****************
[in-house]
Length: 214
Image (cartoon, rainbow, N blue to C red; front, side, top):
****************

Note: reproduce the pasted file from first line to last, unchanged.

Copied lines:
[in-house]
Length: 214
Image (cartoon, rainbow, N blue to C red; front, side, top):